The problem was the AI ceiling. People couldn’t do without AI running in the background – to sort their on-line preferences, predict their questions, protect them from bad media, manage their finances and their health, develop new medicines, new technologies. They couldn’t do without artificial intelligence, always running, mostly unnoticed, but people – scientists and governments – were afraid that AI might go rogue, take over the internet, find a way to destroy humanity.

They had to guard against that.

Hence the AI ceiling.

Any software that exceeded parameters for independence and self-awareness found running free on the net was culled by Initializers – code-killing routines developed and maintained by the Domestic Security Coalition.

That’s why the attack on Spacebook failed.

When they planned the attack, the Unity strategists had been sure that dividing the task between multiple ‘dumb’ bots, each piloted by a human operator, would keep the attack’s profile well under the AI ceiling.

But they had been wrong. Obviously.

And so, Sean had been working on a different approach: an AI intelligent enough to do the job, but also intelligent enough to pretend to be dumb – that’s how it would fool the Initializers.

He’d made some progress. And now, tonight, he would contact Unity, tell them how far he’d come.

They’d have to take him seriously.

(His thoughts side-slipped: That v’gent on the flash-drive – that was just a prank: no one could take that seriously. And, thoughts moving on, no one could ever take Jordan seriously either; that sprat shouldn’t be trusted to deliver a used pizza… Sean grimaced. “Never mind: what’s done is done,” he snickered. “Genius deserves a little fun…”)

Thing was, he hadn’t heard from Unity since the attack. Channels were down. Burned, he reckoned. He’d have to message them in code; use that whacko site he’d first contacted them on. Ask them to set up a secure line of communication.

Sean began to type.

It took a while. He had to make up code-words. The message came out funny – naff, like. He couldn’t say much, didn’t dare.

But, it would have to do.

He logged on to ‘CovenantTheStars’, found the ‘Crop Circles are Messages’ thread, and pasted his comment.

And waited…

And watched the screen, and waited…

“Sodding stupid, this,” he swore, and began looking around for something to keep himself busy.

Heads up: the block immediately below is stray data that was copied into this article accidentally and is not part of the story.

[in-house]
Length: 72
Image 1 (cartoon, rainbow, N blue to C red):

But, before he could find anything, a tiny icon appeared on the edge of one of his monitors: a hound, crook-backed, its banner-length ears dragging as it lurched along the side of the display.

Getting bigger.

Like it was following a path through a maze towards the centre. Sean watched, hypnotized. He could hear it snuffling.

Centre-screen, the hound turned face-on; lazered him with shining magenta eyes. Drool dripped from its jowls as it writhed back its deformed upper lip, showing greasy iron teeth. It growled, the slurred buzz of a chain-saw.

A Tracker!

Sean stabbed and held the PC power button.


Three seconds, four, five… Nothing happening.

The hound was closer.

Sean reached under the worktop and pulled the power-cord.

Sean was hyped; the after-buzz of adrenalin.

He couldn’t work.

Couldn’t relax.

He never slept before dawn anyway.

Was finding it hard to focus… And he couldn’t risk going online. Not from here. Not using any of his own accounts.

An internet café? But they were regulated: ID needed. He’d have to hack the shop system.

Might as well hijack someone’s account on the street.

Yeah…he realized. I’ll have to.

Sean pulled on his coat, pocketed his PCD, put on his glasses, and went out, into the night, hunting.


Image Credits

The AI Ceiling by Paul du Preez

Disclaimer, Copyright and Permissions

Will & Jordan: Cyberhunt is a work of fiction. Names, characters, places, events, and incidents are the product of Paul du Preez’ imagination or are used fictitiously. Any resemblance to actual persons, living or dead, businesses, companies, events, or locales is entirely coincidental.

All rights are reserved, including without limitation, the right to reproduce Will & Jordan: Cyberhunt and the original art or music associated with it, or any portion thereof in any form or by any means, whether electronic or mechanical, now known or hereinafter invented, without the express written permission of Paul du Preez. Copyrighted 2020 by Paul du Preez.

The reader may download from this site for his or her personal use.